Peru, which reassessed the number of people who died of Covid-19 from 69,000 to 180,000 on Monday on the advice of experts, is now the country in the world with the highest number of deaths per million inhabitants, according to the classification established by AFP on the basis of official figures.
According to a technical council set up in April and composed of Peruvian experts and specialists from the World Health Organization (WHO), the number of deaths due to Covid-19 stood at 180,764 in this country on May 22. of 33 million inhabitants. Either the country most affected by the pandemic, with 5,484 deaths per million inhabitants.
The previous report, stopped Sunday, reported 69,342 deaths, or 13th place with 2,103 deaths per million inhabitants.
Until then, Hungary was the most affected country in proportion to its population, with 3,077 deaths per million inhabitants, according to AFP’s tally.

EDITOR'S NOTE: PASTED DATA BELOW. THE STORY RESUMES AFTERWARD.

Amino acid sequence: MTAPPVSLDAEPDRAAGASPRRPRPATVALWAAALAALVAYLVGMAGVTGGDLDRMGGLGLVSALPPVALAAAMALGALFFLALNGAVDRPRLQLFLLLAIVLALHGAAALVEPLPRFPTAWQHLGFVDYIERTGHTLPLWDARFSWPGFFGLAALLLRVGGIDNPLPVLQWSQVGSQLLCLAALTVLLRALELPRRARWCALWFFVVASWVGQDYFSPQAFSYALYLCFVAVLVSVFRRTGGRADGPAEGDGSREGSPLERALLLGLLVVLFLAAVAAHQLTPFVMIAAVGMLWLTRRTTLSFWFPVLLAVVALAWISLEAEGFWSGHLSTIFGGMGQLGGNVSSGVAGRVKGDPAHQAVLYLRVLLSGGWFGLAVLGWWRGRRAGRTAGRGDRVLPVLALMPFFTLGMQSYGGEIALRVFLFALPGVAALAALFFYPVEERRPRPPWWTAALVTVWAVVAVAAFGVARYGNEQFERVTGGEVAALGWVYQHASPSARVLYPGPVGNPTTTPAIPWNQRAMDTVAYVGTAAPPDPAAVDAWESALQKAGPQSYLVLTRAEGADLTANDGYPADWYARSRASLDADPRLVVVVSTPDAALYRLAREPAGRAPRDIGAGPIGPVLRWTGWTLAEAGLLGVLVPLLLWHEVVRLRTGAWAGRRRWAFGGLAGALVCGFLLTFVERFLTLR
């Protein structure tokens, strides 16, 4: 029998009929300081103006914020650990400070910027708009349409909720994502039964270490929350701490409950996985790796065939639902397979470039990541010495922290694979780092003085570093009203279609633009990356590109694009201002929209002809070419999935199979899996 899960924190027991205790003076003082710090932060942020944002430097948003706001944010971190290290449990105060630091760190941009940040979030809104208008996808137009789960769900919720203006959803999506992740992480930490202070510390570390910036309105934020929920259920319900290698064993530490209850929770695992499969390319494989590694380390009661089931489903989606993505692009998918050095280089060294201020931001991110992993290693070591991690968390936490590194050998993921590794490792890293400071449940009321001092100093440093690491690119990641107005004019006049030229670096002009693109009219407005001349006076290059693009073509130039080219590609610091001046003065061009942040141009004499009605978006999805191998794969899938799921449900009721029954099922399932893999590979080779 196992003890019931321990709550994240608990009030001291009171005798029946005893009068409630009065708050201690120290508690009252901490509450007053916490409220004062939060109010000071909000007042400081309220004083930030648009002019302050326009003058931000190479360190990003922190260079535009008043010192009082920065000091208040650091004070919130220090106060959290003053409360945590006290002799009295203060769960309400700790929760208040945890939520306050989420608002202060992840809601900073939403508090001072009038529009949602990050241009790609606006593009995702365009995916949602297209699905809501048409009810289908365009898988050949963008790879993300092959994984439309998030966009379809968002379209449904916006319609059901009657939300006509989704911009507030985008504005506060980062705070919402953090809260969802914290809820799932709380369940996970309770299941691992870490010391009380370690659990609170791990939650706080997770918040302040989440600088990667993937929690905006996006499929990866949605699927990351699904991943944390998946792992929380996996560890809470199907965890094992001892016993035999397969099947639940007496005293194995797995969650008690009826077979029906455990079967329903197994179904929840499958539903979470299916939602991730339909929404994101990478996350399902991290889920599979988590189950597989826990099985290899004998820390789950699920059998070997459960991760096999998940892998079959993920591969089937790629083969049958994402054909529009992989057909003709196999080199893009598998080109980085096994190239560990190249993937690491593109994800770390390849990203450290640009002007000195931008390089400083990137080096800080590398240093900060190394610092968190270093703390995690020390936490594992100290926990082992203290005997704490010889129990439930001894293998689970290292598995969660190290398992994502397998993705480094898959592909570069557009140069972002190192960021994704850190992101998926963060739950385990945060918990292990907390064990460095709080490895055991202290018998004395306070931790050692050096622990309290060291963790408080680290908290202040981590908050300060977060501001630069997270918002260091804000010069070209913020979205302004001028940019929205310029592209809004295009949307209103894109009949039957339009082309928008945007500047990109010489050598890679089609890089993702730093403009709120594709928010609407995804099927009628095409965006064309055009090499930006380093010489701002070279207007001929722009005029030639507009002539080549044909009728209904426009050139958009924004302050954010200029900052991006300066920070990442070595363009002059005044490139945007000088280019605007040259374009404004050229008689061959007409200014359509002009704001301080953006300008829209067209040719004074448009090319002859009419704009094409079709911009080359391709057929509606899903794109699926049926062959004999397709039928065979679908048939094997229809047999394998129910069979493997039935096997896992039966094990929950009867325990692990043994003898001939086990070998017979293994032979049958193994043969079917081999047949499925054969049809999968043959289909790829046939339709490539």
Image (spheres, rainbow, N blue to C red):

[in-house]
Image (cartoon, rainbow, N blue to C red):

Change in death registration criteria
“From today (…) we will have more exhaustive figures which will be of great use for the management of the pandemic”, declared in a press conference the president of the Council of Ministers and number two from the government, Violeta Bermudez.
The technical council proposed to modify the criteria for recording deaths after having estimated that “the current methodology has limits which leads to an underestimation of the number of deaths from Covid-19”.
Until now, health authorities have only taken into account deaths for which a test confirmed the disease. From now on, people who meet seven technical criteria will be identified, including proven contaminations, but also “probable cases presenting an epidemiological link with a confirmed case”.
“A suspected case of Covid-19 which presents a clinical framework compatible with the disease” will also be taken into account.
The technical council is made up of specialists from public entities, Peruvian private institutions as well as WHO experts.
Vaccination, which began on February 9, is progressing slowly with only 5% of the population having received at least one dose. The number of infected patients admitted to hospitals has declined, standing at 12,000 today against more than 15,500 at the peak on April 20.